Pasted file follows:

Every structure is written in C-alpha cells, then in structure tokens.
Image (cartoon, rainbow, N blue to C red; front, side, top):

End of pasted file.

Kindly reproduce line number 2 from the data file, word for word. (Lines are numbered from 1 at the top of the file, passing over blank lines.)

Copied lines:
Image (cartoon, rainbow, N blue to C red; front, side, top):